Volatility, Trade War, Relief,…and Murder all connected in this week’s market commentary.

The Major Markets all ended lower for the week, but the returns hid the instability that took place during the five trading sessions.

 Volatility spiked again last week as headlines from China impacted global markets. China has been struggling to contain demonstrations in Hong Kong as its citizens continue to protest an extradition bill proposed by the mainland. This bill would allow suspects to be taken from one region of China to another to face punishment for their crimes. This issue is complicated due to the political status of both Hong Kong, which transfer back to China in 1997, and Taiwan, which operates autonomously.

https://www.theguardian.com/world/2019/jun/10/what-are-the-hong-kong-protests-about-explainer

The source of these protests has an unusual start from back in February 2018. It began when a teenage couple vacationed to Taiwan for Valentine’s Day. During this trip, the boyfriend murdered his girlfriend and then fled back to Hong Kong. The suspect admitted to the killing, but authorities could not extradite him back to Taiwan to face punishment, as there are currently no laws between the two regions to allow for this.

Authorities began to propose new legislation to resolve this problem, along with provisions for suspects to be sent to mainland China. However, some critics are concerned that these laws will be used to punish political opponents along with the other criminals. Because of how this proposed law could be abused, Hong Kong citizens have protested in large numbers, shutting down airports and attempting a run on the Hong Kong Banks.

This all while China has attempted to appear strong in a trade dispute with the United States. Consequently, some of the news out of Hong Kong has impacted market participants’ views on trade war solutions.

Markets opened the week substantially lower and traded even lower into the close Monday. The selling continued at Tuesday’s open, however not long into the session, the Trump Administration announced that the proposed additional tariffs on Chinese goods would be delayed until December 15th.

https://ustr.gov/about-us/policy-offices/press-office/press-releases/2019/august/ustr-announces-next-steps-proposed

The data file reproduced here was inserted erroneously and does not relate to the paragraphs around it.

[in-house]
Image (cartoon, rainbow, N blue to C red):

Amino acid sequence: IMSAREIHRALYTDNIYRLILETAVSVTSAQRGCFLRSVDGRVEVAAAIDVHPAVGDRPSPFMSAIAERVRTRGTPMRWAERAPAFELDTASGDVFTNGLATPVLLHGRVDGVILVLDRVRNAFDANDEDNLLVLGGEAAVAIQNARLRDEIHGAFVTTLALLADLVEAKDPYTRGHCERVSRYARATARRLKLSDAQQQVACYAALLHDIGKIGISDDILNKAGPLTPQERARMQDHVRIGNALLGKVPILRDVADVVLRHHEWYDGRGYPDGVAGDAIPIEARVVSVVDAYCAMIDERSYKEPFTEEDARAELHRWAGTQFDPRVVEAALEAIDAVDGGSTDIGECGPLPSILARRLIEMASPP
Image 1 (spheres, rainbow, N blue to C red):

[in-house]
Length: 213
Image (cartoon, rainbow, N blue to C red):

This news surprised the markets, sending the benchmark much higher for the day. Sadly, the gains were short lived. Some commentators viewed the tariff delay as a sign of the Trump administration’s weakening position in the Trade War.

Additionally, the yield curve came under pressure late Tuesday. The pressure on interest rates continued Wednesday as the 2s10s inverted for the first time since 2007. This inversion has proceeded a recession ever time since 1980. Furthermore, the 30-year traded at an all-time low and for the first time ever, the entire yield curve traded below 2% at the close.

After hours, President Trump tweeted a flattering message about President Xi and his handling of the Hong Kong protests in the spirit that another personal meeting would lead to more productive trade talks.

Finally, the markets rebounded on Friday on news that a call between the two leaders would be scheduled soon. And by the close of Friday, the weekly return seemed subdued compared to recent history.


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The S&P 500® Index is a capitalization index of 500 stock-designed to measure performance of the broad domestic economy through changes in the aggregate market value of stock representing all major industries.

https://us.spindices.com/indices/equity/sp-500

The Dow Jones Industrial Average® (The Dow®), is a price-weighted measure of 30 U.S. blue-chip companies. The index covers all industries except transportation and utilities.

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The NASDAQ Composite Index measures all NASDAQ domestic and international based common type stocks listed on The NASDAQ Stock Market. Today the NASDAQ Composite includes over 2,500 companies, more than most other stock market indexes. Because it is so broad-based, the Composite is one of the most widely followed and quoted major market indexes

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The MSCI World Index, which is part of The Modern Index Strategy, is a broad global equity benchmark that represents large and mid-cap equity performance across 23 developed markets countries. It covers approximately 85% of the free float-adjusted market capitalization in each country and MSCI World benchmark does not offer exposure to emerging markets.

The MSCI Emerging Markets (EM) Index is designed to represent the performance of large- and mid-cap securities in 24 Emerging Markets countries of the Americas, Europe, the Middle East, Africa and Asia. As of December 2017 it had more than 830 constituents and covered approximately 85% of the free float-adjusted market capitalization in each country.

https://www.msci.com/

The S&P GSCI Crude Oil index provides investors with a reliable and publicly available benchmark for investment performance in the crude oil market.

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Companies in the S&P 500 Sector Indices are classified based on the Global Industry Classification Standard (GICS®).

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